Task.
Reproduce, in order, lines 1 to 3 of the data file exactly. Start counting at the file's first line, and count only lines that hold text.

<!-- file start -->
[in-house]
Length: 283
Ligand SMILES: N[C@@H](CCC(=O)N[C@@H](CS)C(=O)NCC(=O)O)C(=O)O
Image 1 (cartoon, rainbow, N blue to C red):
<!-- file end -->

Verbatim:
[in-house]
Length: 283
Ligand SMILES: N[C@@H](CCC(=O)N[C@@H](CS)C(=O)NCC(=O)O)C(=O)O